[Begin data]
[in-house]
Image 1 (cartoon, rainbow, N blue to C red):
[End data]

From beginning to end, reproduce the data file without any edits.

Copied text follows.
[in-house]
Image 1 (cartoon, rainbow, N blue to C red):